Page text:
I had no idea that I was in any emotional pain at all. I was not aware that the trauma I experienced growing up, was now living in my tissues. I had never given myself permission to slow down, in part, because I knew it could be painful. But with David there, supporting me with his kind heart, voice and his seeing my discomfort and supporting that too, I could stay. And stay I did. That afternoon, I got all the props, bolster, blocks, blankets, and began my daily practice of reclining butterfly, which I still practice to this day. I am sure, that this practice saved my life.
Why is Restorative Yoga of value to me?
Not only because of my own healing experience, but now because of reports from thousands of students and clients I have supported in practice. I find that most of us push ourselves plenty. We push into experience, we push away from experience. We cling, we avert. But how often are we given permission to dive in, to sink in, to our own hearts and our own needs. How often are we supported in the arising and passing of ALL feelings and thoughts? One of the reasons that I lead trainings in Restorative Yoga is because we do not receive enough training in this modality, in our 200 hour training programs. Throw a bolster down and you are good to go, right? My experience 21 years ago was particularly healing because David fully supported my body. I felt safe, cocooned, seen. My nervous system could relax, my endocrine and immune systems could follow suit. My psoas could soften and years of held pain could release, sweetly and fully. My work with Judith Lasater and Leeann Carey just solidified my belief. They both teach in a way that encourages the complete support of the student, but we must train our eyes to see where support might be needed. This means more blankets under the joints of the body, adjustments of height of props and use of sandbags and blankets on the body. The student should be a comfortable as possibly, with little to no stretch sensation. This is why Yin and Restorative are completely different practices.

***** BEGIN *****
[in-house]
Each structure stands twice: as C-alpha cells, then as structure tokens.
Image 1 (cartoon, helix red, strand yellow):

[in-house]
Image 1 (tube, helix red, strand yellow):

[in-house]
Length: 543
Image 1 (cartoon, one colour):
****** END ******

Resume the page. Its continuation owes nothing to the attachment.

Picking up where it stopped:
I have now been guiding students in Restorative healing for over 18 years. My restorative classes, workshops and trainings are my best attended classes and I believe it because of the level of care that I offer, along with the use of loving kindness meditations and breath work. I have had the honor and pleasure of watching hundreds of students heal themselves, through restorative practices, no pushing, just being. Please join me for another wonderful, fun and eye opening weekend of Restorative Yoga!